Venezuela nears World Bank arbitration court exit
Venezuela to exit World Bank’s international court in latest blow to investors
Venezuela will exit the World Bank’s international arbitration court next week in the latest blow to international investors in the country.
The decision to leave the court – known as the International Centre for the Settlement of Investment Disputes (ICSID) – was announced in January, when president Hugo Chavez denounced the court as unfair and biased against Venezuela. A six-month notice period means that Venezuela will officially leave the court on 25 July.
ICSID had long been a favourite target for Chavez, who had threatened to leave the Washington-based court since at least 2007. He finally followed through on the threat this year, just weeks after US supermajor ExxonMobil was awarded $907 million in a separate international arbitration forum – the International Chamber of Commerce (ICC) – for its nationalised stake in the Cerro Negro heavy oil project.
The judgment was seen as a victory for Venezuela and state-run oil company PdV after ExxonMobil had reportedly claimed damages of as much as $12 billion in the case.
But with international arbitration claims mounting against Venezuela, the government decided to pull out of ICSID. Venezuela has the second-most pending cases at ICSID, behind Argentina, with 21 cases before the court, mostly resulting from nationalisations.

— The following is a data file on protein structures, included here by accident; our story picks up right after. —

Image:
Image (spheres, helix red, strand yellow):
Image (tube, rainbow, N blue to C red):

The largest of those cases were filed by oil companies following the wave of industry nationalisations in 2006. ExxonMobil has a claim before the court over the Cerro Negro project, which some have said could result in a larger award than the ICC ruling. And ConocoPhillips is reportedly seeking more than $20bn for its nationalised heavy-oil projects.
Crucially, Venezuela’s decision to leave ICSID will not affect those pending cases, and new suits filed before 25 July will not be affected, but the decision represents a further challenge for companies challenging the country at the ICSID court and will make it more difficult to resolve future conflicts.
“Beyond 25 July, companies will likely face additional jurisdictional challenges in arbitrations commenced against Venezuela through ICSID, the argument being that ICSID is not the proper forum to resolve the dispute. It would be wise to consider alternative processes,” said Ben Holland, a partner in the energy disputes group at CMS Cameron McKenna in London.
“It is significant for any company considering investing in Venezuela, as the withdrawal from ICSID could make arbitration of any dispute more complicated and the outcomes less certain,” he said.
Even though many cases will still go ahead, enforcing any decision may prove challenging. “We won’t recognize any decisions from the ICSID,” Chavez said in January.
The ICSID court provides mechanisms to collect damages in third-party countries, but Venezuela has taken steps that many have said are aimed at protecting assets from international arbitration rulings.
Days after Venezuela announced it was leaving ICSID, for instance, the country’s central bank said that it had finished moving around 160 tonnes of gold reserves from European and US banks back into Venezuela.
The country has also reportedly considered moving cash reserves from European and US banks to banks in China and Russia, two major investors in Venezuela that the government might think would be less willing to comply with an ICSID claim.